March 17th was a difficult day to get through mentally and emotionally. I was scrolling through social media when I came across the death of eight people, six of them being women and four of them being Korean. This incident hit close to home, having family members that recently moved to Georgia. Not only that, but my mom has been working in a spa for the majority of my life. I stared at my screen, angered and in utter shock at how these hate crimes increasingly grew.
What could I do when I am in Italy? I reposted a story share on my Instagram, and one of my Italian friends commented, “WHAT? I’ve just discovered this thanks to you…” I explained to her what is happening, which made me realize how I must not stay quiet.
I always have felt that I grew up with privilege, growing up in a “bubble” surrounded by not much diversity. My high school is in Philadelphia’s suburbs with a student body consisting of around 86% Caucasian, 7.3% Asian, and fewer percentages in other races. I often suppressed my Korean identity and embraced my American identity. I didn’t want to speak to my mother in Korean or translate anything for her. I didn’t want my lunch box to smell because I had egg rolls, rice, and seaweed. I didn’t want to keep giving out my homework answers, but I wanted to fit in.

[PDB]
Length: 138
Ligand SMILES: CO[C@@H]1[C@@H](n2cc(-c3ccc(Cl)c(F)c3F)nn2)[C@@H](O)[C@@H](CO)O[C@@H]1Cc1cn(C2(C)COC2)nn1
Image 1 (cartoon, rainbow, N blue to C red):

Before coming to Italy, I was nervous about how my identity would be perceived here. The Korean-Italian community was particularly fascinating to me because the Korean culture is less prevalent in Italy than it is in America. I wanted to learn how my identity as a minority exists in this environment, especially during the Covid-19 pandemic. It was vital for me to overcome American tourists’ stereotypes and have difficult but necessary conversations about the increased fear of Asians since the outbreak. I know that I am Korean, but most people cannot tell what race I am and make assumptions. Most people in Italy will look different from me, and it is daunting to imagine how my appearance might be perceived negatively.
Thankfully, I have not felt that my identity has influenced the way others in Italy treat me. Most people I interact with here ask, “Di dove sei? (Where are you from?) I reply, “Sono Americana di Philadelphia.” Sometimes, they’ll ask where my parents are from, but nobody ever asked rudely. Instead, it was out of curiosity.
I have noticed a significant increase in the number of police and military officers in Rome. I have personally never been approached by one, but I often wonder (now that we are in the red-zone) if the police would stop me from checking my documents since it is apparent that I am not Italian. Yet, I feel safer here than back at home.
I’ll be reflecting and learning what I can do to support my community. Before we went into the red zone, I was thrilled when I came across a Korean mart on Via Cavour. Before arriving in Italy, I packed three ramens and quickly ran out during my first quarantine period. This mart had a variety of Korean snacks, ramens, foods, and more! I purchased various ramen, frozen kimchi dumplings, and canned sikhye (Korean sweet rice beverage). I will be visiting again when the red zone is over!